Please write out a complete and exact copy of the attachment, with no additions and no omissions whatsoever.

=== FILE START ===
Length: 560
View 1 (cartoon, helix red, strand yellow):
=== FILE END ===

Length: 560
View 1 (cartoon, helix red, strand yellow):